Hormuz Island, Iran
“Hormuz is a special place. This island has something magical. There is a special energy that comes from the soil, from the rocks, the air and the water. This energy will heal your body and your soul. Trust me, you will see in a few days.”
This is what Mehran, my host, told me when I first arrived in Hormuz island. It was late at night and I had spent all day travelling–hitchhiking along the south coast of Iran in order to catch the last ferry to the island. I had heard so much about this remote place in the south of Iran called Hormuz. All my Iranian friends suggested I come here, speaking constantly about the beauty of this island. So, during my third trip to Iran, I decided to go off the beaten track and see what was so special about this place.
An Island in the Persian Gulf famous for its natural beauties and its surreal landscape, Hormuz is made up of incredible rock formations and layers of volcanic material that gives the soil a very particular red colour. It’s a very unique place in the world and the colourful red soil, which is very rare, is considered a cultural heritage. Local people believe that the soil has special healing properties and due to its edibility, it is also used to bake fish and bread. The Island is populated mostly by fisherman, as fishing is the main source of income across the Persian Gulf islands. Local people belong to an ethnic group from the southern coast of Iran called Bandari, which means ‘people of the port’. Bandari women wear traditional colourful clothes and a boregheh which is a special mask that covers their face and adds a mysterious look. This mask became part of their traditional costume and they have been wearing it for centuries. It has religious meaning, but it is also used to protect their skin from the strong sun that hits the region. Depending on the shape and colour of the masks, local people can recognize from which ethnic groups women belong to.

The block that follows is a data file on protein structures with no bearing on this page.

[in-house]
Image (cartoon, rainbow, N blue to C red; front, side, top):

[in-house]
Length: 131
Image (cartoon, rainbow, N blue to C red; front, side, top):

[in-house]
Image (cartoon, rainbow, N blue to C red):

My time was spent exploring Hormuz with fellow travellers I met along the way. Wandering around the island, exploring its hidden beaches, colourful caves and salty mountains. We rented bikes and drove on dirt streets, hitched rides from the local fishermen on their boats and watched the sun disappear between the waves of the Persian Gulf.
Hiking under the sun during the hottest times of the day, climbing up and down the rocky mountains and dirt tracks and swimming across the sea to reach secluded and hidden beaches were highlights of how we spent some of our days. During the evenings, we watched kids playing on the streets and some of the local ladies baking a special bread made of flour and red soil. At night we walked for hours in the dark just to reach the beach and look at the glowing plankton in the sea. We were enchanted from the beauty of this place.
Being in Hormuz, it felt as though I was no longer in Iran. All around the island was this strange atmosphere–a feeling of freedom–compared to the rest of the country.
This feeling is the main reason people come from all over Iran to spend days, or even weeks, among the scenic geological wonderland of the island, its red and orange mountains, and the unforgettable sunsets. Hormuz is a popular destination especially among young Iranians that are looking to escape from the oppression of everyday life under the regime. Here, in the most remote corner of the country, away from the cities and immersed in nature, they can be free.
My plan was to spend only a few days in Hormuz and then move on. I ended up staying for more than a week and didn't want to leave. And now that I think about it, Mehran was right.
There is, indeed, something magical about this place.